Ask Colin

Are there times when we have to risk more than 2%?

The detailed  question was:

In various articles you say that we should only risk between 0.5% and 2% of our trading capital. However, charts of some of your previous trades, with stops below the previous low, rarely meant less than 2% risk. Are there times when we have to risk more than 2%?

It is always possible to limit your stop to a certain fraction of the capital with which you have for trading. However, you may not be able to execute such a trade in practice, because it would require you to buy less than one futures contract or less than a sensible minimum number of shares (the brokerage would make it impossible). So you cannot take that trade.

You are correct that you have a better chance of being able to put on a trade if the trade is taken near a breakout. However, that is just another way of saying that the stop is close to the entry price.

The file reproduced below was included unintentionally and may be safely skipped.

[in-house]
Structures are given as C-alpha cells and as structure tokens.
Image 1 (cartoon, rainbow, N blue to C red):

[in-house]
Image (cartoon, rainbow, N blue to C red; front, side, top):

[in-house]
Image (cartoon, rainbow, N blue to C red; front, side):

The ability to put on a sensible trade depends on how close the stop is to your entry price AND/OR the size of your trading capital. Most people I encounter with the problems you are raising here do not have enough capital. If you have small capital, you are forced to take greater risk and therefore you are more likely to destroy you account sooner rather than later.

With shares there is always a number of shares you could buy and only risk 2% back to your stop, unless your capital was ridiculously small, like $100. However, if you had $10,000 (and that is not enough to trade, so please don't quote me as saying it is) for the sake of the argument, you could always buy some shares, no matter how far away your stop is because 2% of $10,000 is $200 and there are plenty of ASX shares selling below this price, such that you could buy at least one share. It would not be sensible, as I said above, but it is possible.